|Title||Race/ethnic inequalities in early adolescent development in the United Kingdom and United States|
|Publication Type||Journal Article|
|Year of Publication||2019|
|Authors||Zilanawala, A, Bécares, L, Benner, A|
|Pagination||121 - 154|
Comparative literature investigating race/ethnic patterning of children’s health has found racial/ethnic minority status to be linked to health disadvantages. Less is known about differences during early adolescence, a period during which health outcomes are linked to later life health.
Using the UK Millennium Cohort Study (n = 10,188) and the US Early Childhood Longitudinal Survey–Kindergarten Cohort (n ~ 6,950), we examine differences in socioemotional and cognitive development among 11-year-old adolescents and the contribution of family resources in explaining any observed differences, including socioeconomic, cultural traditions, and psychosocial resources.
Adverse socioemotional health and cognitive development were associated with race/ethnic minority status in both countries. In the United States, we found that cultural resources and family socioeconomic capital played a large role in attenuating differences in problem behaviors between Asian American, Black, and Latino adolescents and their White peers. In the United Kingdom, the explanatory factors explaining differences in problem behaviors varied by racial/ethnic group. In both contexts, family resources cannot explain the sizable cross-country differences in verbal skills. In the United Kingdom, Indian adolescents had nearly one-third of a standard deviation increase in their verbal scores whereas in the United States, Black and Latino adolescents had scores nearly two-fifths and one-fifth of a standard deviation below the mean, respectively.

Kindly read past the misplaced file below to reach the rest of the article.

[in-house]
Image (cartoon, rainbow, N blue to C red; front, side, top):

We use a detailed race/ethnic classification in the investigation of racial/ethnic inequalities across the United States and United Kingdom. There are strong family resource effects, suggesting that relative family advantages and disadvantages do have meaningful associations with adolescent socioemotional and cognitive development. Although levels of resources do explain some cross-national differences, there appears to be a broader range of family background variables in the United Kingdom that influence adolescent development. Our findings point to the critical role of both the extent and nature of family social capital in affecting adolescent development.